If Anyone Wants to Make a Conservative Daily Show, I am Available for Writing Duties

A very insightful article from The Atlantic (and a surprisingly even-handed one coming from a liberal-leaning publication) about why American comedy tends to lean left:

So if philosophy isn’t preventing conservative comedy from flourishing, what is? Structural, demographic, and financial issues.

Successful comics often rise up out of thriving, crowded standup scenes, which tend to mainly exist in urban areas. Jon Stewart, for instance, spent five years in the New York City comedy world before landing a show on TV. Big cities tend to be liberal, and it stands to reason that so would be the people who attend comedy clubs in them. Funny urbanites who are conservative may decide that there just isn’t much of a market for their political material. One comedian who I was referred to declined to be interviewed because, the comedian said, the conservative label, “has never been good to me.”

Similar impediments exist in the entertainment industry, which has a not-undeserved reputation for being run mainly by liberals. “People always ask why there aren’t a lot of really big conservative comedians but I think the deck is stacked against that and I doubt it will ever happen in my lifetime,” Nick Dipaolo told The Daily Caller, mentioning that he suspected that his politics were why HBO wouldn’t air a recent hour-long special he taped. There just aren’t many outlets for conservative comics. The feeling, as Stephen Kruiser writes on Breitbart, is that “most liberals in the entertainment industry expose themselves to conservatives about as readily as they would a leper colony.”

The deck is stacked against conservative comedians to begin with, and now they find themselves in a position where instead of attacking, they’re only counter-punching liberal comedy institutions. It’s not a recipe for good comedy just to say we need a conservative version of existing comedic vehicles like The Daily Show or The Onion. If comedy isn’t fresh and innovative, then it’s just your Uncle Ned saying “Hashtag” before every sentence and thinking it’s hilarious.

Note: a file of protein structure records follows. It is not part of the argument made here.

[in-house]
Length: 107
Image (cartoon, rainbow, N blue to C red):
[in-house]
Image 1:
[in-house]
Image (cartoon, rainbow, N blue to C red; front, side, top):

It’s also tough to be funny when your explicitly trying to deliver a political message. There’s nothing more cringe-inducing than a political candidate trying to work a joke into his stump speech. That’s what you get when a political message is higher priority than bringing the funny.

I’ve mentioned before that Christian musicians would help their cause not by making more Christian music, but just by making better music. In the same way, conservatives would help their cause not by making more conservative comedy, but just by making better comedy. If you’re conservative and funny, you don’t have to tell people you’re conservative with every punch line. Just be yourself and let the conservative perspective show through subtly. It’ll be obvious enough when you’re not just exactly like every other comedian.

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